By ERWIN CHLANDA
Professor Mick Dodson AM is not an economic expert (his field is the law), which means he is likely to be on Michael Gunner’s Territory Economic Reconstruction Commission as someone with an Aboriginal perspective.
“The Territory has what it takes to become a thriving place to live, work and play,” is the motto of the commission which handed down its final report this week.
Did Prof Dodson, given his perspective, get a briefing on the imminent land closure by Arrernte custodians of Mt Gillen, potentially vital as a tourist attraction for a town fighting for its survival?
There is no mention of that in the report’s Executive Summary.
The commission’s final report this week featured a bit of fine print, quite high up in the executive summary, in fact.
The report says it is a “challenging call to action”.
Noting the economic situation of the Territory prior to and arising from Covid-19, the fine print “focused only on the industries and the enabling factors most likely to significantly shift the economic curve upwards”.
More than 370 potential projects were identified by stakeholders. Which ones got the flick? And why?
“Reconstruction” being a Gunner idea, he is clearly expecting that Beetaloo and its gas would “shift the economic curve upwards” along with a gas fuelled petrochemical precinct Darwin Harbour.
Mr Gunner is rusted on to the role of gas as a transition from dirty coal to clean renewables. That predictably brought Kirsty Howey (Environment Centre NT) and Deborah Di Natale (Council of Social Service) on the scene, thumping tables.
They are claiming the final report doesn’t tell the Gunner Labor Government anything it shouldn’t have already known about rebuilding the Territory economy.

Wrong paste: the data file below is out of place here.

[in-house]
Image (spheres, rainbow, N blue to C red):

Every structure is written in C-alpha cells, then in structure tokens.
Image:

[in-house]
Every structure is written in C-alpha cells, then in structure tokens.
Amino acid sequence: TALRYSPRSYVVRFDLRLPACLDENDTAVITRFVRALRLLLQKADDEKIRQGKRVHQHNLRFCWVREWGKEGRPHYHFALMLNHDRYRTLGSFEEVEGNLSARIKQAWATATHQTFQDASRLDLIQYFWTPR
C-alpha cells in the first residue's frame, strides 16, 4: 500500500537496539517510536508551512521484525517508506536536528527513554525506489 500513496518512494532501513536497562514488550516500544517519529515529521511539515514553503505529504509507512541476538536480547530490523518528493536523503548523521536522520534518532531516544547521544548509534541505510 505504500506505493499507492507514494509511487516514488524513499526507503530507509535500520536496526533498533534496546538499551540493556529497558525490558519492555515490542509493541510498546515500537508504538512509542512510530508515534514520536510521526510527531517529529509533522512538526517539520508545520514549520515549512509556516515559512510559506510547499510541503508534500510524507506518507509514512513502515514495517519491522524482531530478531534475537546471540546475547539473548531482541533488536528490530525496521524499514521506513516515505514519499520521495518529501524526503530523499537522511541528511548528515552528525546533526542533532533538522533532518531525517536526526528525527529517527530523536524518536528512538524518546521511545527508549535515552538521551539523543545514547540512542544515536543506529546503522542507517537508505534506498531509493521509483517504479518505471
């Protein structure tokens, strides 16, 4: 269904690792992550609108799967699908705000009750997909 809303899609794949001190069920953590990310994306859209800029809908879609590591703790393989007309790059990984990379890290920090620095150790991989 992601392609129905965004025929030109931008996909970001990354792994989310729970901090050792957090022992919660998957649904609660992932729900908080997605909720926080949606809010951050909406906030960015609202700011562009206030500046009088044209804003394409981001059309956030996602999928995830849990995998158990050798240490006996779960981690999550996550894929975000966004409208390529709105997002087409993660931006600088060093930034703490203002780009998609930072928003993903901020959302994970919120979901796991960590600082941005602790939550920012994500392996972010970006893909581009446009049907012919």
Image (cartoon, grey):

“The whole process was completely unnecessary and quite frankly a waste of time,” Opposition Leader Lia Finocchiaro says in a media release.
“Our economy is in the bin, unemployment is climbing and businesses need the government to work with them to deliver outcomes.
“We need to scrap the hybrid mining tax, she says, develop gas resources, create a Territory Coordinator for major projects and slash approvals time frames by 50%. They didn’t. They passed the buck to the commission.”
Who in this part of the world would make economic predictions at a time like this, in a place like the NT?
Michael Gunner’s merry men and women would, with one or two VIPs sprinkled among them (Gail Kelly, formerly Westpac, and Andrew Liveris, oil and gas).
Each one of the eight capable of making $44,000 out of the report, the ABC discloses.
In a nutshell, there is a lot in the report of what blind Freddy has been telling us. Samples:-
• With reduced private investment over the past years, stimulus led by the Territory Government has been necessary, however this is not sustainable.
• Without sustained and courageous effort to grow the economy, economic decline will continue, resulting in falling relative living standards and challenging social cohesion.
• Growth will occur in the regions, with Aboriginal people pursuing new opportunities.
• Visitors are attracted to iconic destinations and experiences. Developing world class tourism icons, based on the natural environment and Aboriginal culture, will provide the focus for national travel and the return of international travel.
Has anyone mentioned that to the Arrernte custodians shutting down Mt Gillen where this kind of thing would work very well?
PHOTO: Mr Gunner performs in statesman mode for the ABC.